Drowse & Amulets | Split | Whited Sepulchre Records (CS/DL)
These two Portland artists share more than just a city they live in. Randall Taylor, probably better known as AMULETS has already been featured on these pages with his quite exquisite sonic excursions of tape loops and ambient guitar. Nothing much changes in that respect on his side of the coin or cassette tape as it were. The thing that does change is it seems that Taylor is getting better by each release he makes. All four AMULETS tracks are a joy to listen to.
Kyle Bates’ and his drowse project are obviously kindred ambient souls, but they do add a bit of a shoegaze guitar sound to what they are attempting. And while the subject matter of their songs might be on a heavy side, covering things like mental health and personal loss, their music here is still on the more gentle side of the spectrum and deserves full attention. Bates and co. are able to keep the balance between ambient and shoegaze elements in check, without sounding forced or contrived at any point.
Kirk Barley | Landscapes | 33-33.co (LP/DL)
Yorkshire composer Kirk Barley and his latest Landscapes are definitely on the more experimental side of ambient and that might be the reason why it is on the exemplary side of things.
Barley obviously possesses an extensive knowledge of world music forms, particularly gamelan, exotica and other forms. He combines regular instruments, field recordings and electronics with such an ease that it oozes with understanding and knowledge of all the forms he is formulating. Obviously inspired by the likes of Eno or trumpeter Jon Hassell, that in lesser hands would sound like a mishmash of incongruous sounds. Barley makes everything work with ease, particularly since he condenses his music in short song forms that never exceed four minutes. The artist obviously has a great feel for all the elements he is combining. on Landscapes. File and listen along with the recent Andrew Pekler album Songs From Phantom Islands.
Stephen Vitiello/Molly Berg
I Drew A Fish Hook, And It Turned Into A Flower | IKKI (LP/BK)
Actually, this is a three-way collaboration between composer and instrumentalist Stephen Vitiello, musician/vocalist Molly Berg and photographer Jake Michaels, who is responsible for the visuals, the book aspect of the project.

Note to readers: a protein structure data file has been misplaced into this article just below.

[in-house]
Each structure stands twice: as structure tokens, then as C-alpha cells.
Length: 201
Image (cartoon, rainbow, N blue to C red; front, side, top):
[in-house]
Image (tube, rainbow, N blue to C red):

As far as the music part which fell into the hands of Vitiello and Berg it can fall into a one word description – gorgeous. Using elements of classical and jazz music, the duo have a true knack for creating expansive soundscapes where the space between the notes and sounds plays as much importance as the sounds and notes themselves. While not being able to see the book, you can certainly imagine how Vitiello and Berg have actually re-interpreted the city space and turned it on its head and into something much more ethereal. The music is all in shades of different colors, with the extremes, although present, seemingly cancelling themeselves out.
Benoit Pioulard | Sylva | Morr Music (LP/CD/DL)
Seattle’s Benoit Pioulard (aka Tomas Meluch) releases tend to alternate between pure ambient electronics and folk-oriented vocal albums. The only thing they had in common was the high quality of Pioulard’s music.
On Sylva, his latest release, Pioulard brings these two strands of his musical experience together in perfect harmony. Combining elements of staple Kranky bands like Stars of The Lid or Labradford with vocal elements that range from Joni Mitchell’s early folk stylings to Juliana Barwick. He divides the music on the album into four movements, and the actual movement is slow, fuzzy and never less than intriguing.
Pioulard was always an artist that was able to both combine the extremes that seemingly sound ‘standard’ and turn them into something that actually blurs the boundaries between genres. He is able to do that on Sylva too.
Trikorder23 | Much Time No Horse | Cosmic Winentou (LP/DL)
Judging by Much Time No Horse, an album by Trikorder23, aka Niko Lazarakopoulos, Gunther Schlienz and his Cosmic Winnetou label can’t miss. With Trikorder23, the devil’s in the details. Instead of going into expansive, wide musical strokes, like the horse on the cover constructed out of little bits and pieces so is the music, even though track like son, live in Rio last over 11 minutes.
In his visions, Lazarakopoulos is joined by a heavy group of Stuttgart musical experimentalists, which jointly are able to recall the heyday of Krautrock lead at the time by Can, Faust and Amon Duul II, but as seen through the eyes of psychedelic revivalists like Olivia Tremor Control.
What Lazarakopoulos and his collective are able to do here is pick up ‘conventional’ instruments like acoustic guitar, play them, splice the results up and turn them into a Faust-style collages that simply work. An excellent surprise.